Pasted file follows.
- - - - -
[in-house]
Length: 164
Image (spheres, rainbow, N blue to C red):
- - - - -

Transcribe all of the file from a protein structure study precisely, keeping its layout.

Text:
[in-house]
Length: 164
Image (spheres, rainbow, N blue to C red):